Navigating Health Practices for I-Kiribati Immigrants in New Zealand
There is a rapidly growing number of I-Kiribati migrating to New Zealand and the New Zealand health care system must be prepared for this growth. There is a prospect of total migration of I-Kiribati to host countries like New Zealand due to climate change making the Kiribati islands uninhabitable. However, there are no studies examining the health beliefs and practices of I-Kiribati in New Zealand.
This study sought to understand the health practices of I-Kiribati immigrants in New Zealand using a Kiribati cultural research framework that I developed, called te kora, modelled on the Kiribati cultural practice of making te kora: a Kiribati string made from two soft dried coconut husk fibres called binoka. I recruited thirty first generation I-Kiribati from the lower North Island and throughout the South Island of New Zealand through the anoiko maroro recruitment process, an approach suited to the Kiribati culture and etiquette that is similar to the concept of snowballing; in this case using a maroro (discussion) as the method and karaki (stories) as the data. The participants’ karaki were audio-recorded, translated into English, and a copy of the summary of the transcript was sent to each individual participant for verification. Subsequent maroro were organised as required. Thematic analysis was used to analyse the participants’ karaki but within that framework viewing one binoka as the Kiribati health practice and the other binoka as the western health approach.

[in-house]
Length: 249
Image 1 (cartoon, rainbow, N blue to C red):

Six key organising ideas emerged from the participants’ karaki: 1) health and illness perceptions; 2) the value of traditional practices; 3) traditional health practices; 4) foods and their products; 5) beauty and wellness; and 6) the use of a western health approach. This study revealed that I-Kiribati traditionally maintained their health heritage, and persistently practise their traditional health practices of maintaining their mauri (health). However, at the same time participants accommodated a variety of different health practices including western, Māori, and ‘other Pacific’ health practices.
From the study, Te kuan model of te mauri for I-Kiribati immigrants in New Zealand emerged. This is a model that transfers health beliefs and practices from Kiribati into a New Zealand context. Te kuan model of te Mauri explains how I-Kiribati navigate between health practices to establish the balance between empirical-cultural knowledge, lived experiences and available resources to meet their physical, mental, spiritual, social, environmental, and cultural needs, and how their health practices are implemented in the New Zealand context. Te Kuan Model of Te Mauri can also contribute to making sense of how I-Kiribati practise health in other host countries. This model acknowledges Kiribati traditional health beliefs and practices, improves Kiribati cultural understanding, cultural sensitivity, and cultural protection among health professionals, and at the same time may contribute to improving access to western health care services for I-Kiribati in New Zealand. Future interventions to benefit the health systems of New Zealand, other host countries and other immigrant populations must take into consideration Te Kuan Model of Te Mauri.